This month marks the start of the 12-month countdown for organisations to be ready to comply with either – or in some cases both – the General Data Protection Regulations (GDPR) or the NIS Directive becoming law in Europe on the 25th and 10th of May 2018, respectively.
Whether you have started working towards compliance in the last year or not, the deadline to be ready for these new laws is fast approaching, and the pressure to review, change and test new cybersecurity systems increasing.
So, what’s the current state of mind of cybersecurity and business leaders as we count down? In research recently commissioned for Palo Alto Networks, we found that IT security professionals across Europe are generally optimistic about how these laws will help avoid personal data and cybersecurity data breaches. However, there is still some hesitation when it comes to how easy the change will be. What is immediately clear is there are vast geographical differences when it comes to openness to new ideas; senior management in countries like Sweden are least likely (28 per cent) to accept suggested ideas for change from internal stakeholders, whereas Dutch respondents were far more willing to adopt new ways to best protect their organisation (39 per cent).
A fear of the unknown continues to present a significant roadblock over the next year, and not all businesses can see the benefit in change. Only a third of respondents think they will get the support to implement the necessary changes, while the majority still feel there will be obstacles to overcome.
With only one in ten respondents admitting that pressure to comply with new laws would make them open to ideas for change, there is a major shift in perception needed to ensure European businesses are ready come May 2018. Our research found that:
· 43 percent of IT security practitioners were concerned changes to legislation will unleash a wave of previously unknown personal data and cybersecurity breaches that need to be reported.
· Half of all IT professionals (49 percent) said they avoid security system changes or updates because they think their current system is already broadly secure.
· 56 percent of IT security professionals think the GDPR/NIS implementation will be a pain both financially and operationally.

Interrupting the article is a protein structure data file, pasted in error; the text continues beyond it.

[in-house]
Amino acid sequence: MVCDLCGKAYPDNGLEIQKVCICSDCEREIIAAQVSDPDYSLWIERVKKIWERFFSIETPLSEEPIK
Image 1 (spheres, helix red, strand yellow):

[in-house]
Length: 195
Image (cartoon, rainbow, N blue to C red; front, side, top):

With all that in mind, there are several ways businesses can prepare themselves today ahead of May 2018:
· Gain visibility of what information is being used and through which applications. If you don’t have ongoing insight into how your business is already processing information through technology, then you can’t validate if this is appropriate and what controls must be wrapped around it.
· Too much of cybersecurity is legacy technology – leverage the new regulations as an opportunity to clean your house, validate that everything is fit for a purpose, today and in the future, especially considering that cybersecurity will continue to evolve, and the biggest shortfall is skilled cybersecurity people. Consider how you apply and maintain an adaptive cybersecurity ecosystem that is automated to work at the same speed as the attacker.
· Ensure that you have clear leading and lagging metrics to validate the effectiveness of your cybersecurity. Can you prove to your own business and others that you are effectively aligning current best practices to the risks?
· Test your capabilities – not just the technology, but also the people and processes around these, including the broader businesses teams.
· Cybersecurity leaders will need to validate that their cybersecurity capabilities are relevant to the risk they face and that they leverage current best practices, referred to as “state of the art”, with clearly documented processes and measures.
To learn more about how you can prepare your business for the upcoming new laws, please read Five Emotional Stages of Preparing for GDPR.